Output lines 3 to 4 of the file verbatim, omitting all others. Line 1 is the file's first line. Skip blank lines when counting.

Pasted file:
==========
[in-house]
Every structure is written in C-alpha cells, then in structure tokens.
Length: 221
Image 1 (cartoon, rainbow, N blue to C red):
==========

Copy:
Length: 221
Image 1 (cartoon, rainbow, N blue to C red):